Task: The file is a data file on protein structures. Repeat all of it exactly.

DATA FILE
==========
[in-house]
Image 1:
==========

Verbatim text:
[in-house]
Image 1: